For those of us without a designer on staff, presenting data in an attractive way is not an easy task. Sure, you can pop some data into Excel and put together a quick chart, but it’s not pretty, it’s not interactive, and it feels so 1998. The Riga-based team behind Infogr.am, currently a part of both HackFwd and Startup Sauna, has put together a nice looking service that presents data in a pretty and powerful way. It help storytellers to bring their story and tell in more visual way, but also to bring more traffic to the story though social elements.

The company officially launched their beta last week, and has seen 25 000 users register, with 10 000 coming in the last week alone.

To put together your infographics, you simply select a template and add a picture, text, and data. You can plug in your data yourself, or you can upload it from a pre-existing Excel file. When you’re ready to publish it, it spits out an embedable HTML5 code, which you can throw up on your website or blog. You can also just share your infographics on Facebook, Twitter, or Pinterest, really showing the consumer angle of the service.

The service is actually pretty flexible, to some extent. You can present multiple types of charts in one infographic, and add text wherever you want. It’s nice, because with just five templates at launch, you don’t want the feeling that you’ve already seen this infographic before. Uldis Leiterts, the co-founder of Infogram tells us he heard some feedback that Infogram works like Excel and Powerpoint, but just better. You can write story, show a chart, and in some sense make a presentation. “It wasn’t what we intended to do, but it sounds good,” he says.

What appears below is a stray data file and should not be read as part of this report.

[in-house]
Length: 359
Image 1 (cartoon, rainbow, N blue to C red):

To monetize the service, the team will soon be launching a marketplace for templates. They’re also researching more angles into interactive storytelling, and thinking about some API strategies for monetization, but they’re not sharing much details. Users have also been requesting offline use, which is something they’re thinking about implementing.

While the interface is clean and well designed, you can still tell it’s not without its beta quirks. But Infogr.am definitely has something going for them, and I can particularly picture the service being used for all the startup blogs who have data to share. So, assuming you don’t have a copy of Adobe Illustrator, Infogr.am is well worth checking out.

Here’s one example of the service. More can be found on Infogram’s website.